The Vatican synod hall became a stand full of cheering fans, pumping fists, clapping and shouting encouragement as instructed by Tim Shriver, chairman of Special Olympics, who led some 200 people in a group exercise.
"Imagine you're in the stands ... and there's a track behind me with a 100-meter race to be run," Shriver told athletes, coaches, representatives of international, national and local athletic organizations, and people of faith in attendance Sept. 29 -- nearly 250 people from about 40 countries at the "Sport for All" summit at the Vatican Sept. 29-30.
Shriver asked everyone to imagine that at the starting line there is a child whose parents were told, "I'm sorry," by the doctor who delivered the baby, whose mom lacked prenatal care, whose school had said, "I'm sorry, we don't have a program for your child" or who was never invited to someone's birthday party.
"And there she stands on the starting line," he said.
"I'm going to sound the gun, and I want you to cheer" for the child by name, "using your own name," he said. Shouting: "On your marks, get set, go!" Shriver turned the attentive audience into a boisterous crowd of wild enthusiasts.
After the imaginary sprinters crossed the finish line, Shriver said, they threw their arms in the air, knowing the place they came in was immaterial to their victory of, "I did it."
In a world where sports is defined by naming winners and losers, what happens when everyone in the race has value? he asked. "What's the spirit that flows through people when they watch, when they cheer," when they join together?
When done right, Shriver said, sports can meet people's "starvation" for purpose, meaning and belonging, and, according to the aim of the summit, everyone, no matter their age, abilities, gender, income, legal status or environment, must have access to the concrete and intangible benefits of sports.
The international summit was co-sponsored by the Dicastery for Laity, the Family and Life and the Dicastery for Culture and Education to promote sports as a way to foster important values and spiritual growth, but with an added emphasis on inclusion.
Summit participants signed and presented Pope Francis with a final written declaration Sept. 30, recognizing "the tremendous power that sport exerts in the modern world." The document has been published at SportForAll.va.
Meeting participants Sept. 30, Pope Francis urged athletes to fight against a throwaway culture that "treats men and women as products, to be used and then discarded."
Sports can risk becoming "a 'machine' of business, profit and consumer-driven showmanship, which produces 'celebrities' to be exploited. But this is no longer sport," the pope said. "Sport is an educational and social good and it must remain so."
When sports is promoted as a "life-giving activity" and focuses on forming mature personalities, socialization and education, "playing a sport can become a way of personal and social redemption, a way to recover dignity," and overcome isolation or exclusion, he said.
Thomas Wurtz, founder of Varsity Catholic, a division of the Fellowship of Catholic University Students (FOCUS) with outreach to student athletes, told Catholic News Service that college athletes in the United States often face mental health challenges and may struggle to find time to go to Mass and grow in their faith.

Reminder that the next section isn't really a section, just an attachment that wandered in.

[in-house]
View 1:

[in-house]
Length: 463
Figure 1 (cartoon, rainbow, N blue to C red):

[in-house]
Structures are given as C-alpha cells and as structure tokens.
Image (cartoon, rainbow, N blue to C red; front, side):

Many experience great anxiety or isolation because of the intense pressure to perform and the training-traveling schedules they follow, he said.
FOCUS' work with athletes aims to spiritually "support them amidst this intensity" so they know that God "helps them have peace and hope and flourish as a whole person," body, mind and soul, he said.
Having their identity be rooted in being a beloved child of God and not just being a star athlete also helps students if they suffer injury or eventually leave sports when they start careers, he added.
Jesuit Father Patrick Kelly, professor at University of Detroit Mercy, told CNS that lots of young people drop out of sports because "it's not fun anymore" with too much emphasis on winning, getting noticed for scholarships or overuse injuries from doing one sport year-round.
Dr. Joseph Dutkowsky, an orthopedic surgeon from Cooperstown, New York, home of the National Baseball Hall of Fame, told CNS he once challenged professional ballplayers to do more to help physically and mentally challenged fans.
"I told them, 'It's really great that you guys have handicapped seating for your stadiums and it's no longer behind the post or next to the bathrooms,'" he said. "But that's not enough. 'These kids need to be on the field with you because they are just as competitive as you are'" and they want to experience it for themselves.
Players jumped at the chance, he said, and now, each year they have six former major league baseball players come to Doubleday Field to teach baseball to about 50 children and adults.
Dr. Dutkowsky saw the same enthusiasm and joy in elite dancers from the New York City Ballet when the company asked him to help start a free program that lets kids with physical disabilities, particularly cerebral palsy, learn the beauty of movement from its dancers and live piano accompaniment.
The greatest impact is on the dancers, he said, who discover the joy of celebrating what the kids can do.
The dancers and ballplayers "fight over" who gets to work with the kids, he said, and when he asked them why, "they said, 'these kids don't judge us.'" The kids "let them express and live their passion and enjoy it for what it is."
Dancing or throwing a ball "becomes a blessing, instead of a job," Dr. Dutkowsky said.
"The drive to be humanly perfect is killing our kids right now, giving them anxiety, depression and addiction," he said; people should be encouraged to be perfectly human, instead.